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July 8, 1997updated 05 Sep 2016 12:50pm


By CBR Staff Writer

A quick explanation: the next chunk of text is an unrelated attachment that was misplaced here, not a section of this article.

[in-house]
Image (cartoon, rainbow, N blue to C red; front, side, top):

Bala Cynwyd, Pennsylvania-based Universal Display Corp bills itself as a small company with huge ambitions, and after four years of work, the company has come up with what it calls organic laser technology which it will target at the $30bn worldwide market for computer and television displays. Working with its research partner, the POEMS Princeton Center for Photonics and Optoelectronic Materials at Princeton University, Universal has developed an independently controlled, tunable, three-color organic light-emitting device which it says will enable such applications as high-definition television with flat displays that hang on a wall like a painting, and laptop computers with bright displays that consume far less energy. Organic light-emitting diodes use a vertical-stacked pixel architecture that enables independent tuning of color, grayscale and intensity. Each color element – the primary colors red, green and blue – can be continuously and independently varied so that the device can emit any mixture of the constituent colors. By contrast says the company in an article in the current edition of Science magazine standard cathode ray tubes require pixels comprising side by side red, green, blue phosphors: the eye achieves color by fusing the primary shades. Stacked designs result in brighter displays, more intense colors and higher resolutions, say the article’s authors. Carbon-based molecules [organics] do not have to be crystalline to be deposited on a substrate, which enables extraordinarily thin layering and enables us to capture their transparency to radiation. Nearly all the current display market uses cathode ray tube and liquid crystal display technologies. Universal says it believes organic light-emitting diode technology will be seen as the future replacement system for LCDs. Universal, a development stage company which made losses of $1.8m last year, admits that further work is needed before the technology can be used in products. Sounds as if the company will be racing to make it to market before the UK company Cambridge Display Technologies Ltd, which has brought its similar sounding light-emitting polymer technology to a similar stage of development (CI No 2,996).

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